The courts must protect journalists

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Video journalist and documentary filmmaker Mike Shum during recent protests in Minneapolis. (Katie G. Nelson )

We write this Op-Ed as representatives of two professions (law and journalism) that venerate objectivity and value dispassionate observation and analysis. We write this because journalism was once considered a safe profession within America’s borders, but that is becoming increasingly untrue.

We have worked all over the world, including China, the Democratic Republic of Congo and Cambodia, and we are concerned by the familiar attacks against truth and facts we see here in the U.S. One of us (Mike) was struck by rubber-bullet fire while covering the Black Lives Matter protest in the wake of George Floyd’s murder.

The free press has been under siege in this country since the election of President Donald Trump. Since Trump’s inauguration, the U.S. has become increasingly hostile to journalists. Traditional news outlets are disparaged, derided as “fake news” and ignored in favor of sources that offer “alternate facts.”

Even now, journalists are fighting multiple legal battles to maintain their freedom to report the facts on the ground.

Take, for example, the lawsuit that Index Newspapers (Portland Mercury) has filed to protect its reporters in Portland. According to its complaint (and multiple secondary sources), the journalists “were not engaging in unlawful activity or protesting, were not standing near protesters, and yet were subject to violence by federal agents.”

In July, U.S. District Court Judge Michael Simon agreed that this was unjust. He ruled that federal law enforcement officers cannot threaten violence or arrest anyone whom they “know or reasonably should know” is a journalist or legal observer, unless officers have probable cause to believe that individual is guilty of a crime.

Moreover, Simon ruled that journalists would not be subject to law enforcement’s dispersal order, ensuring that reporters would have the freedom to stay and report on whether dispersal was carried out peacefully and correctly.

Furthermore, the judge ruled that any federal officer disobeying his order would not enjoy the privilege of “qualified immunity.” That is, while police officers are normally shielded from civil lawsuits, a police officer threatening to arrest or harm a journalist would no longer be so protected.

Judge Simon’s decision was correct. The freedoms of speech and of the press are enshrined in the very First Amendment of our Constitution. America’s founding generation understood that a press corps open to coercion or subject to strongman tactics would surely lead to our nation’s demise.

But the Appeals Court saw it differently. In August, a three-judge panel of the U.S. Court of Appeals for the 9th Circuit issued a 2-1 decision temporarily setting aside Simon’s decision.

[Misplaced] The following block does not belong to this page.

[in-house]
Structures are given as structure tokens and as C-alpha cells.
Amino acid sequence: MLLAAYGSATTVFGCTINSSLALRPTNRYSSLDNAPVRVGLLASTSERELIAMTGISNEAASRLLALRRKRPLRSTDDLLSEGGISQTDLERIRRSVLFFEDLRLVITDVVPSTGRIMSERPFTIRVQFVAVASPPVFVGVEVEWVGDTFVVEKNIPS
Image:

The 9th Circuit came to the wrong decision, both on the letter and on the spirit of the law. Indeed, back in 2012, it was the 9th Circuit, the very same federal court, that declared reporters are “guardians of the public interest” and should be protected accordingly.

The case is still ongoing. The 9th Circuit ruled earlier this month that the federal government could not continue to rely on its previous temporary decision. As of this writing, Judge Simon’s initial decision in favor of protecting the journalists stands once more. But it stands precariously, and the journalists’ protections remain uncertain.

Law enforcement must treat reporters with deference and respect. That is the only way our fledgling democratic experiment survives. American electoral democracy rests on the tacit assumption that voters are armed with the knowledge to make informed decisions at the ballot box. Voters deserve to know what their elected officials, from president to town sheriff, are doing with their votes and hard-earned tax dollars.

The 9th Circuit’s August decision was short — only two pages. It rested on the notion that identifying journalists and legal observers would “cause irreparable harm to law enforcement efforts and personnel.” It did not explain why that might be so. The October decision, though it clocked in at 70 pages, also did not settle the issue.

We are concerned about the “irreparable harm” that may befall our nation should our nation’s courts treat journalists as expendable. Our courts must grant journalists the protection they need to do their jobs and report the facts on the ground. The future of our nation’s democracy depends on it. 

David Benger: is a Research Fellow at Harvard Law School and a Senior Fellow at the MirYam Institute.
Mike Shum: is an Emmy-nominated video journalist and documentary filmmaker.